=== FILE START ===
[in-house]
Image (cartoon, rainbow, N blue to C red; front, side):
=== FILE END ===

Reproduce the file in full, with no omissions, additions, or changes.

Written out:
[in-house]
Image (cartoon, rainbow, N blue to C red; front, side):